The church can no longer take lightly the state of marriage in America. I have come to believe that on this issue we face nothing less than a mission-field situation.While we have never been a "Christian" country, our culture once generally accepted a Christian consensus on sexual morality, marriage, and divorce. That has changed completely.Immoral lifestyles, lax divorce laws, and our amoral media have combined to create a society that sees marriage as provisional rather than permanent. We now have a pattern that sociologists call "serial monogamy": an individual is married to one person at a time, but over a lifetime will have several consecutive marriage partners. This leads to situations almost as complex and difficult to resolve as those that faced missionaries to Asia or Africa when they encountered polygamy. Sometimes the destructive effects on the family—and children, in particular—are even worse.Because the church upholds standards vastly different from those of society, because conservative Christians are increasingly countercultural in convictions about marriage and divorce, it is time to think strategically. We need the mindset of the missionary. And we must be transcultural as well as countercultural, lest we lose an opportunity to shape and transform the standards of our culture.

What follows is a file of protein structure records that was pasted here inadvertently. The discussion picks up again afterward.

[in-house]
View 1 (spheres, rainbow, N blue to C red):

Lessons from the field
When I was a missionary in India, the most complex problem was polygamy—what to do with a man who sought baptism but had more than one wife. I shall never forget the first time I baptized a man and his two wives. Even though Silas was the first convert from Hinduism and the one most responsible for winning almost the entire village to Christ, it was still a spiritual trauma to my biblically trained, evangelical, ...1